A representative sample of Palestinian female university students from different universities in West Bank, Palestine was included in this study. The mean body satisfaction scale BAS-2 score was 4.22 ± 0.74, which reflects a high degree of satisfaction among students. In contrast, high body dissatisfaction prevalence was found among Jordanian women in a study. 66% of Jordanian women wanted to lose weight and 13.7% wanted to gain weight (Madanat et al., 2011). Similarly, a study found that 87% of Saudi women attending fitness centers were dissatisfied with their body shape (Albawardi et al., 2021). This difference might be caused by the difference in age group, as the Jordanian study reported that older women desired more weight change (Madanat et al., 2011), and older Saudi women had higher body dissatisfaction (Albawardi et al., 2021).
Body image and eating disorders
A-SCOF test revealed that 40.3% of students had a positive result that indicates a presence of an eating disorder. As expected, students with positive results had significantly lower body satisfaction scores (3.92 ± .82) than those who had negative A-SCOF results (4.42 ± .62) (p < .001). Similarly, body dissatisfaction was associated with disordered eating behaviors in female undergraduate students in the UAE (Radwan et al., 2018; Thomas et al., 2010). The same relationship was reported in a Spanish study on female college students. It was found that a significant relationship between lower body satisfaction scores and a higher probability of having eating disorders (Aparicio-Martinez et al., 2019).
Body image and BMI
A significant relationship was found between BMI and body satisfaction (p < .001). Normal and underweight students had higher body satisfaction scores than overweight and obese students. And overweight students had higher body satisfaction levels than obese ones. This was also seen in Saudi women, where those with higher BMI had a significantly higher level of body image dissatisfaction (Albawardi et al., 2021; Aljadani, 2019). Likewise, Emirati studies reported that higher BMI was significantly related to higher body dissatisfaction for both women and men (Alharballeh & Dodeen, 2021; Radwan et al., 2019). Moreover, body satisfaction was significantly negatively correlated with BMI (r = .034, P-value < .001). This correlation was smaller than the correlation between BMI and women body image dissatisfaction found by a Saudi study (r = .135, P-value > 0.01) (Aljadani, 2019).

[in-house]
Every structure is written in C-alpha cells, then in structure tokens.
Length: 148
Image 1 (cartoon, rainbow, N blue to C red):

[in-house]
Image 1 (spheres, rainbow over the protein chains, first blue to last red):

Body image and social media
The most used social media platform by students was Instagram (48.8%) followed by Facebook (37.7%). However, no significant relationship was found between the most used social media platform and body satisfaction among students in this study. A recent study found that spending 7 minutes on Instagram had a more negative effect on the body image of undergraduate females than Facebook. This was explained by the more image-focused content on Instagram (Engeln et al., 2020). However, the comparison in our study was between the overall usage of the different social media platforms rather than the effect of scrolling on them for a short time. Additionally, there could be a similar pattern of content on Facebook and Instagram exposed to our sample.
68.6% of students follow either models or celebrities on social media. Following models or celebrities was significantly negatively related to body satisfaction (p < .001). This agrees with the results if a study stated that following appearance-focused Instagram account was significantly related to body image concerns among young women living in Australia (Cohen et al., 2017). A study revealed that exposure to Instagram pictures of attractive celebrities and peers had a significantly greater negative effect on the body image of female university students compared to travel pictures. The study reported that appearance comparison was the reason behind this effect (Brown & Tiggemann, 2016). Similarly, a study found that female university students Facebook users had a significantly lower rate of their body image after comparing themselves with celebrities than comparing themselves with friends or peers (Fardouly & Vartanian, 2015). Perhaps this explanation leads us to another observation among our sample where lower body satisfaction was significantly related to following models or celebrities' nutritional advice (p < .05). Thus, students might follow such advice believing that they could have the similar body shape of models and celebrities they are comparing themselves with.